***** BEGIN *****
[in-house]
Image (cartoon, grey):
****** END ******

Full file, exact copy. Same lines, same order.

[in-house]
Image (cartoon, grey):